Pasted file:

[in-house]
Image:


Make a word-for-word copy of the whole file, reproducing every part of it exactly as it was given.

[in-house]
Image: